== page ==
Our Dogs' History of Adverse Drug Reactions (Part V)

Continued from part IV

Jasmine's first Winter.

Regardless of how Jasmine's last days played out, she needed those meds. They were supposed to help her. There was no way of knowing what was going to follow. I was concerned about the steroids, but there was no doubt she needed them. I was extremely concerned about the nasty antibiotics, but the one we used was the most gentle of the available bunch. The morphine was perhaps the last straw, but she was in extreme pain ...

Did I become more cautious?

I couldn't get more conservative with medicating my dogs because I have been extremely conservative already.

Every time I might need to medicate my dog I consider other options first. If drugs are deemed unnecessary, the vet(s) and I discuss whether or not there are more than one option to choose from and which would be least likely to cause problems. Then I read the product sheet carefully to see what I might expect.

Wherever I can, I opt for a non-drug solution.

But sometimes that is either the best or the only option.

Our next negative experience was with Cookie and Advantix.

Cookie is almost always in a hunting mode.

Cookie is a hunter at heart. She's a bush dog. She will go where no man has ever gone. One time she came back from the farm with three ticks on her face.

Jasmine was a hiker and was always content exploring the world mostly walking on trails. JD was a follower and would just go whether everybody else did. Cookie, however, has to go where the critters are, which rarely involves paths or trails.

With ticks slowly taking over the world and Lyme disease and other tick-borne disease becoming a bigger and bigger concern, we had to consider how we were going to protect Cookie.

After a lot of discussion and deliberation considering efficacy and safety, we have chosen Canine Advantix.

At the time it was the best and most effective option. Plus it's supposed to also work against mosquitoes, biting flies and lice.

It is applied topically. The first time Cookie was a little bit upset as if it was making her itchy. Her reaction was mild, and we figured it might have been the sensation of the drops on her skin. It didn't last long. The next time, though, she was acting as if attacked by fire ants. She was obviously miserable, and it wasn't getting better but worse.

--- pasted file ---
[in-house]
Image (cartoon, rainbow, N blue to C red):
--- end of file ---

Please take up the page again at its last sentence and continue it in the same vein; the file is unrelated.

We quickly washed it off with dish soap, then all of her with her shampoo and rinsed and rinsed. Shortly after we got it off her, she calmed down.

I talked to the vet, and she said that sometimes it might make the skin feel numb.

Interestingly, the product label is pretty vague about that. The side effects listed are skin irritation such as redness, scratching, or other signs of discomfort. It also states that vomiting or diarrhea have been reported, and if those or other side effects such as lethargy occur to consult a veterinarian.

There was no redness or visible irritation of the skin, but there was no question we weren't going to use it again.

Not a really big deal as far as drug reactions are concerned, I suppose, though Cookie would not agree.

What would happen if we didn't know what to do or did nothing?

With any of these things, it is always a question of lesser of the evil.

But sometimes that can be really hard to determine.

Related articles:
Our Dogs' History of Adverse Drug Reactions (Part I)
Our Dogs' History of Adverse Drug Reactions (Part II)
Our Dogs' History of Adverse Drug Reactions (Part III)
Our Dog's History of Adverse Drug Reactions (Part IV)

Our Own Emergency Vet Horror (Part I)
Our Own Emergency Vet Horror (Part II)

Do you have a story to share?

Your story can help others, maybe even save a life!

What were the first signs you noticed? How did you dog get diagnosed? What treatment did/didn't work for you? What was your experience with your vet(s)? How did you cope with the challenges?

Email me, I'll be happy to hear from you.